Policymakers have introduced proposals to combat high and rising hospital prices, but focusing on high-concentration markets likely misses the mark.
The majority of high-price hospitals are active in markets that meet federal definitions of low or moderate concentration, according to a recently published commercial claims review.
As such, price regulation policy proposals that specifically target concentrated hospital markets would only impact a minority of hospitals charging the highest prices for their services, Harvard-affiliated researchers wrote in Health Affairs.
Policymakers would instead be more effective if they focused their interventions directly on limiting high provider prices without regard to a hospital’s surrounding market, researchers wrote.
“Policymakers could start with modest approaches, such as capping the highest prices, tracking outcomes and gradually pushing the caps downward, and monitoring trade-offs between savings and any unintended consequences for access or quality,” they wrote.
The researchers’ analysis used Health Care Cost Institute claims data for roughly a quarter of the U.S. commercially insured population during 2017 to build an inpatient and outpatient price index for individual general acute care hospitals.
To determine a hospital’s Herfindahl-Hirschman Index (HHI)—a measure of market density used by the Federal Trade Commission (FTC) and introduced legislation targeting high-concentration hospital markets—the group looked to admissions numbers reported through the 2017 American Hospital Association (AHA) Annual Survey.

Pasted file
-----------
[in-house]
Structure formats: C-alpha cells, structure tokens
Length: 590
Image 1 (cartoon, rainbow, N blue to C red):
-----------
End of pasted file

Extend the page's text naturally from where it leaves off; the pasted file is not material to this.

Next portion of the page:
The researchers found that more than a quarter of all hospitals they deemed to be charging high prices fell within unconcentrated markets, or those with an HHI below the FTC’s cutoff score of 1,500.
About 17% and 13% of high-price hospitals providing inpatient and outpatient services, respectively, were located in highly concentrated markets with HHIs exceeding 4,000—markets that they also noted contained about a third of the hospital referral regions included in the sample.
“To some degree, this result reflects the fact that more concentrated markets have fewer providers—just under 13% of hospitals in our sample were located in markets with HHI greater than 4,000—but it also reflects the reality that high-price providers were prevalent across the spectrum of market concentration,” they wrote.
Price regulation policies that are based on market concentration could become more effective by narrowing market definitions so that more regions are classified as noncompetitive and more hospitals qualify for regulation, they wrote. Still, the analysis suggests that a fair number of the hospital industry’s worst offenders would remain unaffected, strengthening the argument for approaches that directly address the outcome of interest.
“Policies that address high prices regardless of the underlying market structure would be more consistent with a policy goal of constraining high prices,” the researchers wrote. “In some cases, these policies may entail promoting competition between hospitals in the same market, but if there are not enough hospitals in a market or if procompetitive policies are not successful at lowering the upper tail of the price distribution, regulation focusing on the most expensive providers may be needed.”
Rising hospital prices are a major concern for policymakers and have led to, among other efforts, increased scrutiny on provider consolidation as a source of the increases.
The FTC announced plans to study the impact of these deals back in January and received an extra nudge from President Joe Biden’s July executive order.
The latter action quickly drew responses from provider groups like the AHA and the Federation of American Hospitals, each of which characterized the order as misguided and a potential source of unnecessary bureaucratic red tape.